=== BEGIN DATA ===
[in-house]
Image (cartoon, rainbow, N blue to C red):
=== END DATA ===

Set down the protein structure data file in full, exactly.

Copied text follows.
[in-house]
Image (cartoon, rainbow, N blue to C red):